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31 October 2011

I progress as I digress

I'll be writing more on this topic later, especially as it involves writing about sex, but I wanted to make an observation on something I find important: digression.  That is, I find things more entertaining, more illuminating, the more digressive they are (up to a point).  I'm just going to use an example from that crappy novel I'm reworking before I send it off to meet its fate.  Option A is a simple statement of what might happen at that moment when you look at someone and 'connect.'

We looked at each other and all of the walls between us came down.

Now, this is crap.  It is crap initially because it is a cliché, and also because it tells you something without letting you experience it.  Digressions can be ways of thinking.  Now, option B is a digression, though it is hampered by my skill as a writer.  Stil, it is more interesting than option A.

In that moment when her eyes met mine, the complete mystery of her background, of her lineage and personal history, of the contradictions she herself encouraged, dropped away and she was – there is no more certain way to put this – translated for me.  She was no longer descended from soccer star progenitors or revolutionaries.  The memory of the grace of her previous turn and farewell receded.  I could see in her another place, a place existing far away, a large house in a lush climate, columned front porches, hot late afternoons, and lemonade, men with well-trimmed beards wearing seersucker suits and sitting on dark-wood chairs in the shade of the porch, talking business and laughing, and women inside talking to each other, fanning themselves, their voices less exuberant but more knowledgeable than the voices of the men, each one glancing out onto the porch occasionally, looking at their husband, or at the other husbands, and moving among these women in their lace and dresses, almost unnoticed, a little girl with black curls and black eyes, with childhood innocence, which is temporary and always close to dangerous extinction from the inconsiderate adult world in which children must survive, a girl as intelligent as the adults, but clothed in the hopes of the unknown future.  This girl was also watching the men outside, especially her father, the man in the largest of the chairs, the man who owned this porch and this grand house and who, every Sunday after the little girl returned from Mass, took her by the hand and walked with her, singing old ballads to her, or whistling snippets of waltzes as he hopped and trotted, laughing as he missed a note, and laughing harder as she laughed too, her little feet trying to copy his in dance.  The little girl watched her father on the porch, and all of the disappointments of life, the compromises one makes with the world and with oneself, the observation of the falling from grace which is the lot of every parent, even those who are in some way forever idealized, and which every child experiences in some way…all of these minor catastrophes were still unformed, perhaps avoidable, and yet inevitable.  I have since come to know Maria’s story, and so I am sure I did not really see all of this, but I did yet see some of it.  And at this moment, I also ceased thinking of the woman I had seen go to her death on the bridge, and thought only of the woman before me.  Maria looked tired, but I saw something of my future in her, either a brief future in my bed or, perhaps a more distant future, which is what it has become.  I hastened my steps as I crossed the street.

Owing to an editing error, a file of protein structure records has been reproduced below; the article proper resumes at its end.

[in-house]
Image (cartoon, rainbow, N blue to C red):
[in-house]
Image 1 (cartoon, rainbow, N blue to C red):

But, I digress.

20 October 2011

The Horror-scope

Imagine opening your Sunday paper to a small section called ‘Ethnicities.’  Here is what you find:

Jews: work smarter rather than harder in order to maximize the opportunities that come your way

African-American: Don't get discouraged by your lack of direction

Asians: Don't bother attempting to justify your actions because your explanations will just grow increasingly convoluted. Keep things as simple as you can and try to finish whatever you begin.

Caucasians: Push steadily toward your goals because you have the necessary inner resolve to overcome most obstacles now. Set your mind on your destination and then don't let anything or anyone distract you.

And so on.